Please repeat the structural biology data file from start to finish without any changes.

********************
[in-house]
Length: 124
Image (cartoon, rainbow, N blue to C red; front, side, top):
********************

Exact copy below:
[in-house]
Length: 124
Image (cartoon, rainbow, N blue to C red; front, side, top):